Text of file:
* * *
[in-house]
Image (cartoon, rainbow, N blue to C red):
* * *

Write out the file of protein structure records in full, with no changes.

[in-house]
Image (cartoon, rainbow, N blue to C red):